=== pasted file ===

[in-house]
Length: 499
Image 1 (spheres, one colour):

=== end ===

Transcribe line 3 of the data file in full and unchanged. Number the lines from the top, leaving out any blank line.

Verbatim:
Image 1 (spheres, one colour):